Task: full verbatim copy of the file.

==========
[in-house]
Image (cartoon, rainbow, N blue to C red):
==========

[in-house]
Image (cartoon, rainbow, N blue to C red):